I am thrilled to be reading another book by E.M. Powell. The King’s Justice is the start of a new series featuring a pair of investigators in the time of Henry II. I was sent a copy at no charge for my honest review by Historical Fiction Virtual Book Tours.
About The King’s Justice:
England, 1176. Aelred Barling, esteemed clerk to the justices of King Henry II, is dispatched from the royal court with his young assistant, Hugo Stanton, to investigate a brutal murder in a village outside York.
The case appears straightforward. A suspect is under lock and key in the local prison, and the angry villagers are demanding swift justice. But when more bodies are discovered, certainty turns to doubt—and amid the chaos it becomes clear that nobody is above suspicion.
Facing growing unrest in the village and the fury of the lord of the manor, Stanton and Barling find themselves drawn into a mystery that defies logic, pursuing a killer who evades capture at every turn.
Can they solve the riddle of who is preying upon the villagers? And can they do it without becoming prey themselves?
About the Author:
E.M. Powell’s historical thriller Fifth Knight novels have been #1 Amazon and Bild bestsellers. The King’s Justice is the first novel in her new Stanton and Barling medieval murder mystery series. She is a contributing editor to International Thriller Writers’ The Big Thrill magazine, blogs for English Historical Fiction Authors and is the social media manager for the Historical Novel Society.
Born and raised in the Republic of Ireland into the family of Michael Collins (the legendary revolutionary and founder of the Irish Free State), she now lives in North-West England with her husband, daughter and a Facebook-friendly dog.
The King’s Justice is not your usual historical fiction novel. It’s not about a specific historical event or famous person but rather it’s about the institution of the King’s justice. Henry II is known for many of the things he did during his reign – some of them more regrettable than others. I’m talking about oh, locking up his wife and that whole Thomas a Becket debacle. In spite of some of the worst of Henry he was also responsible for creating a system that brought the King’s justice out to his people through circuit courts and this system is the basis for the one we use today. He was a bit of a hothead but he believed in the laws. Part of the problem was the way the laws were applied as the Church was so tightly bound into the justice system. Innocence was not assumed and it’s discovery was incumbent upon passing a trial that basically lead to your death so innocent or guilty the end result was just bad for you.
Ms. Powell builds her world around one of the clerks (Barling, a fictional character) to Henry’s justices. A lord from a nearby town comes in to request permission to hang a murderer but the justices want to be sure he is guilty so they send Barling and his assistant (Stanton, a fictional character) to the village to investigate.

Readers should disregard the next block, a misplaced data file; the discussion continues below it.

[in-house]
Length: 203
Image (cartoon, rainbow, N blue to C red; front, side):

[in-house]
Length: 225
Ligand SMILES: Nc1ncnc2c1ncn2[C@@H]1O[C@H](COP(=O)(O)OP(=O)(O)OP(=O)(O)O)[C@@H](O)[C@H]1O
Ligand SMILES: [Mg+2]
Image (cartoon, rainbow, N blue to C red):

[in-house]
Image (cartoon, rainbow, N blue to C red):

Stanton is a character from Ms. Powell’s Fifth Knight trilogy, which I did read when it first came out several years ago. I have to be honest – I didn’t remember Hugo Stanton. There were many references back to him and his dead love which proved a touch frustrating because it was not fully explained. Perhaps it will be in the next book or it won’t be referred to as often. Often when books build upon past events the explanations are built into the story lines somehow but in this tale it left nothing but questions.
Stanton and Barling are two very distinct personalities and they don’t immediately click. Like any relationship they need to figure each other out and learn what the other can bring to the table. Barling is a very by the book kind of buy and Stanton is more of a man who goes by his gut. So you see where we have a classic pairing for the solving of crimes. Hopefully they will continue on administering the King’s justice.
I enjoyed the tale. The characters are intriguing and far from one note. The plot was full of twists and turns and I did not see the ending coming which is always a kick with a murder mystery. I will look forward to further adventures from these two.
During the Blog Tour we will be giving away 6 paperback copies of The King’s Justice! To enter, please enter via the Gleam form below.
– Giveaway ends at 11:59pm EST on July 13th. You must be 18 or older to enter.
– Giveaway is open INTERNATIONALLY.
– Only one entry per household.
– All giveaway entrants agree to be honest and not cheat the systems; any suspect of fraud is decided upon by blog/site owner and the sponsor, and entrants may be disqualified at our discretion.
– Winner has 48 hours to claim prize or new winner is chosen.
ALL PURCHASE LINKS ARE AFFILIATE LINKS. IF YOU MAKE A PURCHASE I RECEIVE A SMALL COMMISSION (AT NO ADDITIONAL CHARGE TO YOU)